People with bipolar disorder often have overwhelmingly messy houses, and it’s arguably more difficult to clean when you suffer from mental illness. When we’re depressed, cleaning up is a herculean effort. When we’re manic, we’re usually too busy turning in circles to worry about tidying.
I previously posted a three–part series titled “How to Clean Your House When Your Brain is a Mess.” In it, I explained how executive dysfunction–the inability to set and meet goals and self-monitor–interferes with the ability to keep a clean house. I suggested a game plan for tidying, including tracking where your time goes and seeing if you can squeeze in a ten-minute burst of laundry duty.
Yes, there are strategies for scrubbing, but what if you not only need to clean the house with bipolar disorder, but you have a toddler to look after? Read on for tips and tricks to get your house tidy while dealing with both bipolar and a young child.
Strategy #1: How to Manage Your Own Expectations and Limits
Revisit your definition of tidy. I’m sure you’ve noticed, but when you have a toddler in the house, things just don’t stay where you’ve put them. Toys wind up everywhere, baby food jars stink up the coffee table, and fingerprints cover the windows. That’s all okay. Your kids are only little once, so enjoy them rather than constantly trying for damage control. While you may feel like your house will never be company ready, I guarantee people who like you aren’t judging you on the state of your house. As long as those baby food jars don’t have mold on them, it’s all good.
Set a time limit to avoid getting overwhelmed. I use the 20/10 method, popularized by the profane cleaning site, Unf*ck Your Habitat. Set a timer for twenty minutes of focused cleaning, and one for a ten-minute break following. With my toddler around, I rarely manage a whole twenty minutes. Sometimes our ten-minute break is more of an hour and a half of outside play. But some time cleaning is better than none. My hope is that my daughter will start to respect the timer, though I suspect I’ll have to wait a bit longer for her to really understand why the oven timer is beeping and what that means for her.
Similarly, setting a time limit helps prevent me from getting too focused on chores when I’m hypomanic. If I force myself to take breaks, I’m less likely to be turning in circles by the end of the day.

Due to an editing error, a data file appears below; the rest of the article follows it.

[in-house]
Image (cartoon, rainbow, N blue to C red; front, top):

Strategy #2: Include Your Kids In the Cleaning Process
Involve your children in cleaning the house according to their abilities. Training your children to clean the house with you is incredibly important for both your sanity and their future ability to keep their own houses clean as adults. You can start young, letting your toddlers help by putting away their toys or sweeping the floor with a child-sized broom.
Don’t expect great results right off the bat. Your toddler won’t have the attention span or manual dexterity to handle most chores. Just get done what you can, and try to be realistic about how much you’ll actually be able to get done, even with “help.”
Put toys away every night. Keeping your toddler’s toys corralled is a nightly endeavor. Take a little while before bed or whenever is most convenient to put toys away in covered bins (more on those later). Try to let your kiddo put away as many items as possible. If you label the bins with pictures–car pictures for the car bins, etc.–then your child can help put toys away with you.
Cut down on toy clutter. Store your child’s toys in covered bins, and make sure all the toys fit in these bins. When the toy bins are overflowing and the lid doesn’t fit anymore, donate some of them. Older children generally understand the concept of giving toys to other people who might not have them, but toddlers usually don’t. Involve your kids in the donation process at your discretion.
Don’t, don’t, don’t redo your kids’ work. Whatever you do, don’t do your child’s work over. That sends the message that what she does isn’t good enough for you, and she’ll get discouraged. If your toddler can’t fully make the bed, simply let her do as much as she can and move on.
Thank your child for his work. Make sure to show your appreciation for your toddler’s efforts, but don’t praise him insincerely for an unsatisfactory job. There is a time and a place for praise, such as when the job your kiddos complete is well done. If that’s not the case, simply thank your child.
The Bottom Line
Cleaning the house with a toddler and bipolar disorder may seem impossible. It’s not. The effort required is immense, true, and you need to be patient with your kid, but that’s similar to any other task you complete with children. You can do this.
Keep an eye out for part II, a room-by-room cleaning guide.